Reviving public spaces through reusing existing urban materials.
Reviving public spaces through reusing existing urban materials.

Reuse of Existing Urban Materials as Design Strategy

Jesolo, Greater Venice, Italy

The city of Jesolo, Italy – Venice’s neighboring city – asked me to devise a design strategy for their public spaces to meet a number of the city’s goals.

Working directly with the city and its municipal work crews, I created a design strategy that uses the city’s existing stock of urban material and infrastructure as raw material for a new generation of public design in the city. Traffic lights, street poles, barriers, bollards, paving stones, and all urban ephemera in-between – all the physical urban components that have been removed from the city in the past year, and functional material that is in store for future use now becomes design source material.

Aided by a team of designers from Central Saint Martin’s College of Art & Design in London and a selection of Italian designers and architects, we set out to transform some of the more overlooked and unloved areas of the city into destinations of wonder and enjoyment.

A barren space transformed into a misting, adult playground using the city's disused street lamp poles. Design team: Cristiana Favretto, Alexander Augustus, Seung Youn Lee, Manuel Di rita, Isabella Mara
A barren space transformed into a misting, adult playground using the city’s disused street lamp poles. Design team: Cristiana Favretto, Alexander Augustus, Seung Youn Lee, Manuel Di rita, Isabella Mara

The functional urban materials of the city weren’t the only existing asset that were put to new use in the city. I have always believed that the municipal work crews of the city possess an intricate knowledge base and skill set in working with the city’s assets that is never leveraged for full benefit in the city. In Jesolo I got the chance to explore the potential of using these invaluable skills in different areas.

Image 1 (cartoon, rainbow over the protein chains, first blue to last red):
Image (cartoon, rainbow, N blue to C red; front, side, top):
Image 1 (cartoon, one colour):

Jesolo's master crafter of street lamp poles creating the Pipe City designs.
Jesolo’s master craftsman of street lamp poles creating the Pipe City designs.

Jesolo wasn’t only a chance to transform people’s relationship with urban space in the city, but their relationship with the physical objects of the city as well. Given access to the city’s stock supply of traffic lights, the team set out to not only reprogram their use, but to literally reprogram the functionality of the lights:

In order to transform them from an object of control, to an object of play, making a panel of traffic lights into a giant tic-tac-toe board to encourage strangers to join one another in a quick game while passing through a public area:

Traffic lights into public game. Design team: Varvara Guljajeva, Radha Mistry, Ilias Michopoulos, Diego Sepulveda-Herrera, Marie Durand Yamamoto
Traffic lights into public game. Design team: Varvara Guljajeva, Radha Mistry, Ilias Michopoulos, Diego Sepulveda-Herrera, Marie Durand Yamamoto

With its mile-long beach, Jesolo is unique in that disused umbrellas are an abundant  and often discarded material in the city. So what if we took the discarded umbrellas and re-imagined them as public seating:

umbrella_diagram

The transformation of how a space can be used with a few discarded umbrellas can be exceptional:

Design team: Lizon Tiju, Margherita Poggiali, Leticia Lozano, Laura Mergoni
Design team: Lizon Tiju, Margherita Poggiali, Leticia Lozano, Laura Mergoni